He was.

After a few minutes like that, he seemed ready to go back inside, so I carried him in and sat with him for a while. Stroking his beautiful, long fur and telling him, through sobs, that I loved him and that it was okay for him to leave. I told him that I knew he didn’t feel well and that he was worried about his owners and the two other dogs in the house, but that it was okay. I told him everyone would miss him, but that no one wanted to see him suffering any longer. I asked him to go on his own so that his owners didn’t have to make the decision to let him go. I told him all these things, kissed him, pulled myself together and headed out. I knew that would be the last time I’d see him.

Sure enough, later that night, I received word that he had passed on his own, at home.

Was it just coincidence that he passed that night, after I had had that long one-on-one with him? Maybe. “Probably”, I tell myself. But a part of me thinks that maybe it wasn’t. I can’t seem to erase from my mind the signs that he gave me that day. They struck me as so profound and I think that was his way of acknowledging all I had done for him and thanking me for all the fun memories we’d made during our three years together. It was like his final farewell to me.

I used to think that animals listened, to an extent, to the words we speak, but after this incident, I realize that the connections we have with them and the ability for them to send and receive messages is greater than I could imagine. I picked up a book recently at a thrift shop, Learning Their Language, by renowned intuitive communicator, author and teacher, Marta Williams, in which Williams instructs readers on how to get in touch with the intuitive side that lives within each of us to connect with animals and nature in ways we never imagined we could. I don’t think it’s something you really understand, or even believe in, though, until you experience it for yourself. After my experience, I am definitely a believer and I now approach each interaction I have with animals with new appreciation and receptiveness. Maybe I really am an animal whisperer, after all.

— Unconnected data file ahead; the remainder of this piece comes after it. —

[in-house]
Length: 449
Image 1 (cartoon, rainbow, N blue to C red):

Do you believe animals communicate with us? Have you ever received or sent messages from or to an animal? 


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Black Cats are For Witches

black cats cartoon

 

Black cats are for witches.

And by witches, I mean “women.”

Or “financially independent persons.”

Or “someone who is married with no children.”

Or “someone who is married with many children.”

Or “someone who has a birthmark.”

Or, well… I think you get it. The list of reasons that would classify someone as a witch (in 1692, at least) are just about as bogus as the belief that black cats bring bad luck or that they’re somehow connected to witchcraft or devil-worship.

The truth is, black cats are the same as grey cats, orange cats, calico cats, tabby cats and even bald cats. Cats are cats. Sadly though, a lot of people let their superstitious sides take over, causing them to shy away from black cats (and black dogs, too) when choosing a new pet. It’s called Black Dog (or Cat) Syndrome and it’s a real thing.

And a serious thing.

A life or death thing. Black dogs and cats are often the longest residents in shelters and rescue groups which means — yep, you guessed it — they’re usually the first to be euthanized to make space. All because of the color of their fur. Come on, people, are we really still thinking with such narrow-mindedness in today’s day in age? I don’t get it.

Black cats make great pets. I have one of my own and while I admit I’ve been completely and utterly spellbound by her beauty, feisty personality and silky fur, she has not cast any evil upon me. Well, you know… Not anything above and beyond the usual jerkiness that felines tend to exude.

So, here’s a challenge for you all. The next time you’re looking to add a new furry member to the family, go to your local animal shelter and ask to see the black cats first. Or the black dogs. I dare you not to fall in love with one of them.

Oh, but Halloween is next week, so you’d better wait until mid-November since shelters are leery to adopt out black cats too close to Halloween since apparently, some sickos try to adopt black cats near Halloween and then torture them or use them in ritual sacrifices. Nice, huh? I can’t stand people, most of the time sometimes!

black cat auditions

 

Who has loved a black cat?! Tell me about him/her!